If you are in the early stages of pregnancy and you are concerned about the development of the fetus, then your gynecologist may suggest the completion of a transvaginal ultrasound. This procedure may be better than a traditional imaging test, because the ultrasound wand can take clear images. The close proximity of the wand in relation to your uterus is what helps with the creation of more precise imagery. If you have a transvaginal ultrasound scheduled, then there are few things you should do to prepare for your appointment.
Speak Up About Latex Allergies
Infection risks are a serious concern when it comes to completing a transvaginal ultrasound. After all, the probe will be in direct contact with one of the larger mucous membranes of your body. Mucous membranes cover the various tracts and cavities of the body, and they are made up of a layer of epithelial cells. These cells cover loose connective tissues. Some of the mucous membranes across your body, like the vagina, produce a thick mucous. This helps to protect the tissues against pathogens and microorganisms. However, viruses and bacteria can break through the mucous lining and enter the body. To make sure that the transvaginal probe does not cause an infection issue, the instrument is covered with a condom.
If you are one of the three million people in the United States who has a latex allergy, then you will need to let your physician and the sonogram attendant know about it. This way, either a polyurethane or a polysioprene condom can be used instead. If you have lubrication sensitivities, then this information should be provided as well. Lubrication is generally placed on the condom before the transvaginal procedure starts. This helps to reduce discomfort. The lubricant that is likely to be used is a product that contains either polyethylene glycol or glycerol. Polyethylene glycol and glycerol are safe compounds that are used in a wide variety of products, including personal lubricants. If you regularly need to avoid the ingredients though, due to a sensitivity, then let the sonogram professional know so that lubrication will not be used during your procedure.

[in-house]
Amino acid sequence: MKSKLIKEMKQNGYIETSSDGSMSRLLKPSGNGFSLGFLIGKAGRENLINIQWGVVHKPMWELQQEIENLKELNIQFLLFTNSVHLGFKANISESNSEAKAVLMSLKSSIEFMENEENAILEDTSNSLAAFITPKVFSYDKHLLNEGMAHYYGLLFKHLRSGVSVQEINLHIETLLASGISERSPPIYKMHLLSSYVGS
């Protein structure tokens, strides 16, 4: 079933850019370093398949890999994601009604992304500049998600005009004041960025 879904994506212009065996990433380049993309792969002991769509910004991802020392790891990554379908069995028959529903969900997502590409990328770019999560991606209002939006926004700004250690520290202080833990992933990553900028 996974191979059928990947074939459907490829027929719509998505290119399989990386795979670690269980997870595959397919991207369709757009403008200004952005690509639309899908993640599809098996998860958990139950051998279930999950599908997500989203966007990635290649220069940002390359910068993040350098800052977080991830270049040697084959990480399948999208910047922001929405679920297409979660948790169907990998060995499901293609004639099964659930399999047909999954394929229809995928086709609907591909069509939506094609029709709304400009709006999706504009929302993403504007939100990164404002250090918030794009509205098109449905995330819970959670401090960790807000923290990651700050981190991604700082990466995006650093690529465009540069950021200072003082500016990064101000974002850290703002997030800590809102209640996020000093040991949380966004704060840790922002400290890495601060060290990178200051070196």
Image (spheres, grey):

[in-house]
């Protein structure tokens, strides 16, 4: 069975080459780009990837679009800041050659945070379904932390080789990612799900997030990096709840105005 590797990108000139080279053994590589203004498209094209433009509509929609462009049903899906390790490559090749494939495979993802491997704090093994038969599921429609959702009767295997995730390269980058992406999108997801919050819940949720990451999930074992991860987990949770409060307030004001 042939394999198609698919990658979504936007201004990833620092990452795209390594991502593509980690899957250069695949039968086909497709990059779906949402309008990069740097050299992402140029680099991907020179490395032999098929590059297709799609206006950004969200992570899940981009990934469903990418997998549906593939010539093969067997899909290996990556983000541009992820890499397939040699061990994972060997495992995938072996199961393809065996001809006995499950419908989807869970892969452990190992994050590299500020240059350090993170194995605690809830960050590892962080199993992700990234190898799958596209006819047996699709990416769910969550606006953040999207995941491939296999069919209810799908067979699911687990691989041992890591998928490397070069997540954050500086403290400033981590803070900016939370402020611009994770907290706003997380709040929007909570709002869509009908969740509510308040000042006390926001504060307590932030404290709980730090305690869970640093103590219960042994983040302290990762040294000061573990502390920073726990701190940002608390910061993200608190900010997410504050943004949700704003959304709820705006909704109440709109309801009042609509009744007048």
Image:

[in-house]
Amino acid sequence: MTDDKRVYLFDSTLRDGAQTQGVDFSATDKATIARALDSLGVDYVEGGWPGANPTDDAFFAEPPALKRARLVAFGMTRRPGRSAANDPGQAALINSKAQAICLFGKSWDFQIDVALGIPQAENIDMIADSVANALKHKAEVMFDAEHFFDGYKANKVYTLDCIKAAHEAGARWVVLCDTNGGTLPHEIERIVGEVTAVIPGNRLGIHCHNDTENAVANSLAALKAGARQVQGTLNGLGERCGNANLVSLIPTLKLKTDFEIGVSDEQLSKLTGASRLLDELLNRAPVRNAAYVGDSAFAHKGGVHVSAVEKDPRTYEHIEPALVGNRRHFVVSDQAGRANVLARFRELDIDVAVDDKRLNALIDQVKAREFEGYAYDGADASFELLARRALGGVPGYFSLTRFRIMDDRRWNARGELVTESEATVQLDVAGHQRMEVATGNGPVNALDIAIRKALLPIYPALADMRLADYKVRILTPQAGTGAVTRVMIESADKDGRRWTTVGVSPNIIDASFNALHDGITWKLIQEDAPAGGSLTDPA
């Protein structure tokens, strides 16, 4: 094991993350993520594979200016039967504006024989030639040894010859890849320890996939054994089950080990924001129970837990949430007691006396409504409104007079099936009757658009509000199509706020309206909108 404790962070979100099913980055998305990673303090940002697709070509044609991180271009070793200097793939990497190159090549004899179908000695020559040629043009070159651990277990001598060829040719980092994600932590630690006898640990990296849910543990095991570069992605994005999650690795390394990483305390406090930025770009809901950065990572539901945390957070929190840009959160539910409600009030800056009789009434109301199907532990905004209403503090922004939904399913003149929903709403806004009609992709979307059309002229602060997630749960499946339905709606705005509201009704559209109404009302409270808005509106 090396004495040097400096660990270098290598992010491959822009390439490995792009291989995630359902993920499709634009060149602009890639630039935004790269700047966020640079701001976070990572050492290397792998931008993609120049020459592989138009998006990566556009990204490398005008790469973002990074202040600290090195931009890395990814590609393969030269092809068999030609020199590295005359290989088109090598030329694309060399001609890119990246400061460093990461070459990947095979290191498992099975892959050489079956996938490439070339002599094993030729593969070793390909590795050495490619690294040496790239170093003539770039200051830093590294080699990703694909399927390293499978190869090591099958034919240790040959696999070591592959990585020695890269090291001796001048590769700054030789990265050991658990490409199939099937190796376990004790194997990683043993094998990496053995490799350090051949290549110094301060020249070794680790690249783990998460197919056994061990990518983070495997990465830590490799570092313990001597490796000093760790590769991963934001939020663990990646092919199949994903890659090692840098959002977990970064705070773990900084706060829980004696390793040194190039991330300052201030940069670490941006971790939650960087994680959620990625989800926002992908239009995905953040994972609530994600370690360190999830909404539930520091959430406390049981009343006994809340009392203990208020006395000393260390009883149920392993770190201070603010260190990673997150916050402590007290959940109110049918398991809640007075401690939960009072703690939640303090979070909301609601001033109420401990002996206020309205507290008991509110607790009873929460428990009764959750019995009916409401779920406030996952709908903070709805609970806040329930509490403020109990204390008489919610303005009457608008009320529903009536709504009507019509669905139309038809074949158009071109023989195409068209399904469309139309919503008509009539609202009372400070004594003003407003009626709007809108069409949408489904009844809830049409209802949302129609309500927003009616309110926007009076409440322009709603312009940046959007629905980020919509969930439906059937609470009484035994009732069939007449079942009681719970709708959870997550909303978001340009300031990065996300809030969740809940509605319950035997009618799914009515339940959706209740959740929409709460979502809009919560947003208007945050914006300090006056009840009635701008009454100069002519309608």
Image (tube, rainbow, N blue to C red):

Try To Stay Relaxed
A transvaginal ultrasound is much like a pelvic exam. You will need to place your feet in stirrups and open your legs so the technician can easily access your vagina. If your are typically anxious about pelvic exams, then you may also feel nervous about the sonogram. The good news is that you will be able to empty your bladder fully before the procedure starts. A full bladder is sometimes necessary so that clear images can be produced of the internal pelvic organs. Specifically, the sound waves are bounced off the bladder onto the organs, but this is not necessary when viewing inside the uterus. The fact that you can empty your bladder should help to reduce some of your anxiety.
Bring a magazine to the appointment and consider drinking a cup of tea while you wait as well. Passionflower, kava, green, valerian root, peppermint, and chamomile teas are just a few examples of the beverages that can relax you. You can also apply a small amount of lavender oil to your wrists or neck to keep you calm.
Relaxation is important, because it helps to keep the muscles relaxed. When you are anxious, nervous, or if you brace for pain, then your muscles will automatically tense to protect itself from harm. This can cause pain and discomfort as the ultrasound probe is inserted.
A transvaginal ultrasound may be needed to inspect your growing fetus if you have recently become pregnant. Prepare for the procedure by staying relaxed and indicating if you have any sensitivities to latex or lubrication. Also, work with your gynecologist or general physician to make sure that all questions about the procedure are answered well before the appointment date. For more information, contact a local clinic like All Women's Clinic.Share